OCT 27, 2011
Bonus Rooms are a Guaranteed Plus in Today's New Homes
“Perhaps the best thing about bonus rooms is that they can evolve into multiple uses over time,” said Jeff Benach, co-principal of Lexington Homes. “What may start out as a home office can become a children’s playroom. When the kids turn into teens, it becomes a homework and game room. And once kids are gone, it can transform into a hobby room or library. You can’t go wrong selecting a floor plan with this extra space.”
While bonus rooms have long been showing up in single-family homes, townhomes like those at Lexington Park in Des Plaines are now getting in on the action, too.
“All of our townhomes at Lexington Park have finished lower levels, and that’s pretty typical of a three-story townhome,” said Benach. “But in addition to that flexible space, our Warrington floor plan also has a bonus room adjacent to the kitchen on the main level, which is very unusual. Buyers love the room’s convenient location, and it’s easy to envision the space as an office or place for children to play and stow their toys near the kitchen.”
About one third of buyers at Lexington Park select this home design, noted Benach. “They also like that they can opt for French doors to the bonus room, which adds a touch of class,” he said.
Lexington Park is a new community of 149 townhomes in northwest-suburban Des Plaines. Located within walking distance of downtown Des Plaines and the Des Plaines Metra Station, Lexington Park offers three floor plans ranging from 1,605 to 1,913 square feet. Homes are base-priced from $239,990 to $264,990.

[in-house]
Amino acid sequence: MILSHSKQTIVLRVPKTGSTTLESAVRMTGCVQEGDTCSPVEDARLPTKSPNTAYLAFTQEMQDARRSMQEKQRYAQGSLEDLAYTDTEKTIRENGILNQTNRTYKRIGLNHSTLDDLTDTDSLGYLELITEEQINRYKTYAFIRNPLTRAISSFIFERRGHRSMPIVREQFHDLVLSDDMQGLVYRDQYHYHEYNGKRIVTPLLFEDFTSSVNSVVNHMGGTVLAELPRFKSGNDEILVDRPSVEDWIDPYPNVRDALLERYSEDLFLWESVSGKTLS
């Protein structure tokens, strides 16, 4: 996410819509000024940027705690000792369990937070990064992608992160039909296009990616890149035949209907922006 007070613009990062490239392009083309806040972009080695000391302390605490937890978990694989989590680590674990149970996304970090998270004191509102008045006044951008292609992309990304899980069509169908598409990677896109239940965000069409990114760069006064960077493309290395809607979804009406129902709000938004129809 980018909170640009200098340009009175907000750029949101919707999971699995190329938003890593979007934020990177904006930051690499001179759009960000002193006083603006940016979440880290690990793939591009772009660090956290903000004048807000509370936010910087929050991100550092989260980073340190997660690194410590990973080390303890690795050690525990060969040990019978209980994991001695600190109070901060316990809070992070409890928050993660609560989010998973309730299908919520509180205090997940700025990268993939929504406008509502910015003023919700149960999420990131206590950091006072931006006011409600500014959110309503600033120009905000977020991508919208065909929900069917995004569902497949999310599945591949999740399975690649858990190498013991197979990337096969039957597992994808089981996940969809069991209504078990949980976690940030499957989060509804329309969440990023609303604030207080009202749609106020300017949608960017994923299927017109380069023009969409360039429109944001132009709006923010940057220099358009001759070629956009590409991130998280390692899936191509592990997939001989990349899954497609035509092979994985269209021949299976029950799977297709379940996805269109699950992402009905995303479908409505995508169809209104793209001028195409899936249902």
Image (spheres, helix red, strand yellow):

For homebuyers in search of a single-family home with a second-floor bonus room, there are plenty of floor plans to choose from among J. Lawrence Homes’ suburban Chicago communities.
“We found that by putting the bonus room on the second floor, the space became more versatile,” said John Wozniak, president of Wheaton-based J. Lawrence Homes. “Because it’s tucked up by the bedrooms, it is a quiet spot to create a homework station, sitting room or library. But it also makes a nice game or toy room because it keeps all the clutter out of sight from the main living areas of the home.”
Plans with a bonus room also have a main-floor family room open to an eat-in kitchen. Other features, per plan, include a formal living and dining room, mud room and den.
Second-floor bonus rooms can be found at most of the builder’s communities, including Ambry Estates in Lynwood, Silver Leaf in Joliet, Remington Landing in North Aurora and Midlane Country Club, a clubhouse community in Wadsworth. Base prices for the homes range from the $140,000s to the high $200,000s.
While bonus rooms are common in two-story single-family homes, those opting for a ranch plan do not have to miss out on the versatility a bonus room offers.
“Most people probably don’t associate ranch homes with features like a bonus room,” said Brian Brunhofer, president of Meritus Homes. “But, you don’t have to sacrifice flexibility just because you want or need a home without stairs.”
At Creekside at Inverness Ridge, a gated, maintenance-free community of single-family homes in Inverness, Meritus Homes offers two ranch plans with a bonus room: the Marquis and Kingston. In both plans, the bonus room is located near the home’s entrance.
“It’s a smart location for those who work out of their home because you really don’t want clients walking through your entire home to reach your office,” Brunhofer said. “Plus, it’s away from the noise of the family room and kitchen, so there’s a lot more privacy. And that works well whether you use the room for an office, den or music room.”
Creekside at Inverness Ridge also offers a two-story home with a bonus room. Buyers can choose from five floor plans at the community, including two ranch, one two-story design with a first floor master suite and two traditional two-story plans. Homes range from 2,610 to 3,716 square feet and start at $489,900.
For more information about Lexington Homes’ Lexington Park community, call (847)299-0500 or visit www.lexingtonchicago.com.
"Mary Corbett and John Meyer were my closest contacts at Lexington Homes during the construction phase."